The Courtship of Eva Eldridge: A Story of Bigamy in the Marriage-Mad Fifties
By Diane Simmons. (University of Iowa, 272 pages, $19.95.)
This is a curious book, reading almost like fiction, yet it is a true story, unearthed when Eva Eldridge named Diane Simmons, a family friend, to be executor of her estate. Among the possessions were 800 letters, tightly bound, clearly meant to be saved. Simmons, a former journalist, was intrigued. What she discovered is an unusual look at post-World War II America, when a national relief at having survived the Great Depression and war created a climate when marriage — to anyone — was a celebratory triumph. When Eva met Vick, he promised her more of the vibrant life she'd come to know as an independent working woman, one of millions who took up the slack when men were shipped overseas. When he disappeared, she figured it was war trauma.
But in tracking him down, Eva learned that she was one of several wives. Simmons was captivated. Who was Vick? What drove him to eventually be married to 10 women at once? She finds a reasonable answer. But the more compelling glimpse is into how people exploited the culture's postwar romance with marriage and homemaking, and how some women learned that finding fulfillment in this life was mostly fantasy. "Courtship" is less about Eva than about expectations, but her story brings history to a poignantly personal level.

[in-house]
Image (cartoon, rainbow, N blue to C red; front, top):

By Sarah Domet. (Flatiron Books, 340 pages, $25.99.)
Four girls abandoned by their parents become friends at a convent school — an orphanage, really — in a never-identified small town during The War (presumably World War I or II). They are drawn together because they share a birth name — Guinevere.
Vere, the narrator, is a devout and hopeful child, pining for the mother who dumped her there. Gwen, the pretty one, is vain and often cruel, but she has her reasons. Win is strong and loyal. Ginny is tiny, shy, frail. Each has a tragic story that slips out over time. They are lonely, abandoned, brave children whose friendship with each other is the best thing they have going in an isolated convent, where life is harsh and boring.
When four gravely wounded, comatose soldiers are brought to the convent's nursing home, the girls hatch a plot to escape by becoming linked with the young men, who may or may not ever regain consciousness. It's a bizarre plot that becomes a beautiful, sad, engaging story in the hands of American author Sarah Domet, one that gracefully jumps from the girls' present lives to their pasts to their futures, not necessarily in that order. This, her very first novel, belongs in the ranks of the best books of 2016.